Marco Orlando

It’s been said that our lives are 20% what happens to us and 80% how we respond to what happens to us. To an extent, I would be inclined to agree. Life comes at us pretty fast sometimes, and for some of us, it takes us a little longer to process how we feel about past events, especially traumatic ones that we don’t really enjoy talking about much. I know I don’t always think so clearly when I’m angry or upset. It’s usually more helpful for me to talk things out with someone and “think out loud” when I need help processing something in my head. I find I get a lot more accomplished that way.

When I first thought about writing the story of my life a few years ago, I had an idea in my head of where I thought I wanted to go with it. I initially wanted my mother and I to work together to write my life story, and I wanted it written in such a way that we were inviting readers into a conversation she and I would normally have together. But this was before life started throwing us a few curveballs, and because of this, the trajectory of my life story went in a much different direction altogether.

I went through a bit of a rough patch in 2015 and 2016 for numerous reasons. Those closest to me could tell I had been through a lot during that time and it showed. Mentally, I was broken down, beaten, battered, and fried. I hardly recognized myself for a while. I’ll be honest, I wasn’t really taking good care of myself. I wasn’t eating well or sleeping well. I felt like I had to be up and around doing something all the time, even in the middle of the night. I was often hesitant to go to bed at night because I was afraid I might not wake up the next morning. Yet at the same time, I had no real passion for anything I was doing, like I was on “autopilot,” just going through the motions day to day.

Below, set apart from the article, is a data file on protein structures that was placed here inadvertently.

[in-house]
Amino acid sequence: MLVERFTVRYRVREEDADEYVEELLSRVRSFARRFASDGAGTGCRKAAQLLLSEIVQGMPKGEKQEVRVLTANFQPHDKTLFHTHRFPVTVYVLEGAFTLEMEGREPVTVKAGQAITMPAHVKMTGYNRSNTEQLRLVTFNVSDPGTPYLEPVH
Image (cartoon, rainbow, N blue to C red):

Thankfully, I discovered around that time that writing my life story had become important to me again, and I began 2017 jotting down anything and everything that came to mind. It was important for me to put my thoughts and feelings into words and not feel guilty about what I was thinking and feeling as I was writing. I went through periods of writing things down, putting my work away, then revisiting it and adding more to my story. This went on for about two years. In that time, I had about 95 pages written, totaling nearly 63,000 words. The thought of publishing my work definitely crossed my mind. At the same time, I felt like there was still more to add that I hadn’t written about yet.

After I was approached to contribute to the blog section of SUFU’s official website, I began to realize that most of what I had written took on a decidedly darker tone to reflect how I was feeling as I was writing in the beginning. That’s when I knew I needed to “rewrite the script” so I could appeal to my intended audience better. Raw emotion has its place, to be sure, and it was good for me to put my thoughts and feelings into words when I first started writing. But I’ve been in a much better frame of mind since then, and the tone of my writing needed to change to correspond with that. It wouldn’t be much fun if I complained all the time about all the unpleasant things that had happened to me. It’s more beneficial to my intended audience for me to talk about what I’ve learned about myself from experiencing those unpleasant things.



If you are self advocate and would like to share a blog post with us please email Laurie Coldwell at lcoldwell@sufumaine.org   


The Speaking Up For Us (SUFU) blog contains views and opinions of each individual writer. The views and opinions expressed through these channels are purely the bloggers’ own and does not reflect the opinion of SUFU as an organization or any SUFU staff member.

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